[K.W.P.] towards the front office." Id. at 19.
K.W.P. admitted that he was "aggressively trying to pull
away." Id. When Officer Craddock reached out
his arm to block K.W.P. from getting away, K.W.P. tried to
push past him. K.W.P. continued to forcefully pull away from
Officer Craddock's grasp. K.W.P. began crying. Officer
Craddock told K.W.P., "Son, if you don't calm down,
I'm going to have to put the cuffs on." Pl.'s
Suggestions in Opp'n to Defs.' Mot. for Summ. J. at
28, ¶ 49. K.W.P. saw a handrail on the side of the
hallway and grabbed it.
Craddock handcuffed K.W.P. with his hands behind
K.W.P. admitted getting "more upset after [Officer
Craddock] put the handcuffs on" him and that he was
"still trying to get away." Defs.' Suggestions
in Supp. of Mot. for Summ. J., Ex. 2, K.W.P. Dep., at 19.
Officer Craddock double-locked the handcuffs so they would
not tighten on K.W.P.'s wrists. K.W.P. finally "got
tired and stopped trying to resist what was happening to
him." Pl.'s Suggestions in Opp'n to Defs.'
Mot. for Summ. J. at 31, ¶ 58. According to K.W.P., once
in the front office, he obeyed Officer Craddock's
directions, sat in a chair, and did not attempt to leave.
Wallace first saw K.W.P. while he was seated in the front
office and in handcuffs. Principal Wallace did not advise
Officer Craddock to remove the handcuffs. Principal Wallace
had a prior history with K.W.P., having restrained him a
couple of months prior. Principal Wallace left to go to an
adjoining office to complete unrelated paperwork. Officer
Craddock also left the front office. When K.W.P.'s father
arrived, only the secretary was present in the front office.
K.W.P.'s father then left the office to retrieve Officer
Craddock. K.W.P.'s father asked Officer Craddock why he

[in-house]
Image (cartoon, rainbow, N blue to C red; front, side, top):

had handcuffed K.W.P. Officer Craddock responded that he did
it for "safety." Defs.' Suggestions in Supp. of
Mot. for Summ. J., Ex. 8, Wiley Dep., at 3, K.W.P. v.
Kan. City Pub. Schs. (W.D. Mo. Aug. 30, 2017), ECF No.
Doc. 70-8. According to K.W.P.'s father, Officer Craddock
told him that "he made a split decision of what he
thought was right and [took K.W.P.] . . . out of the
classroom . . . and [took] him out into the hallway and
tr[ied] to calm him down or resolve . . . what he thought was
the problem in the situation." Id. When Officer
Craddock and K.W.P.'s father returned to the front
office, Officer Craddock removed the handcuffs from K.W.P.
was handcuffed for a total of 20 minutes. For 15 of those 20
minutes, K.W.P. was seated in the front office. The handcuffs
made K.W.P.'s wrists tender and red. He also alleged that
he suffered mental and emotional distress.
sued KCPS, Officer Craddock, and Principal Wallace for
violations of K.W.P.'s rights under the Fourth and
Fourteenth Amendments pursuant to 42 U.S.C. § 1983. The
complaint alleged that Officer Craddock unreasonably seized
K.W.P. and used excessive force by handcuffing him and
failing to promptly remove the handcuffs. He alleged that
Principal Wallace approved Officer Craddock's seizure by
failing to instruct Officer Craddock to remove the handcuffs
despite K.W.P. posing no imminent threat to anyone and
complying with instructions. KCPS was sued for failure to
train and supervise Officer Craddock on the use of handcuffs
on elementary-age children. Officer Craddock and Principal